9 October 2014

New oars

I have started making a new pair of oars for my dinghy. The ones I have are too short and really not very good. I have got plans from Peter Culler's book on boat building, and adjusted the lengths a bit to suit. For timber I just got a pack of four eight foot boards from B&Q. Each oar is a sandwich of three boards. Much, if not most, of the outer boards will be planed off in the shaping process. This first photo shows the first oar blank cut out, alongside one of my current oars and an uncut board.

I marked the outline from the plans onto one board and cut it out on my band saw. This was quite a rigmarole as I had to unscrew the saw from my work bench and screw it onto a workmate so that I could get enough space for the board lengths on to and off of the saw table. Once I had cut one blank I used that to mark out the other five. This was quite a slow process. I think my saw blade must be getting blunt.

Three blanks are sandwiched together with polyurethane glue. A really messy process, the glue squelched out all over the place. Keeping the blanks in line was quite tricky as the clamps were tightened. The two outer layers are a bit narrower than the central one, but this won't matter as they will be carved down to a tapered side and won't come anywhere near the edge of the finished blade, The outer layers are unlikely to come more than a third of the way down the finished blade. I am seriously thinking of buying a power plane, because there is an awful lot of wood to remove.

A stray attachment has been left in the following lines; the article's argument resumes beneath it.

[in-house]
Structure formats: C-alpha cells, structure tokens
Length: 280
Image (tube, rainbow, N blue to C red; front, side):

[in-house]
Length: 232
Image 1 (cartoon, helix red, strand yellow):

1 comment:

  1. There is so much to say about Hydrostream Boats that it might be next to impossible to get everything in one article. One thing is for sure though, not many boat companies were as identifiable and prolific as Howard Pipcorn’s Hydrostream boats. They covered so much ground; from being many peoples first race boat, first performance boat to a boat that many people kept in the family for generations. You can’t be into performance boats and not have been aware of how impactful Hydrostream was to the industry. Innovative design, clear branding and several quirky things made the company form Minnesota such a remarkable success for so long.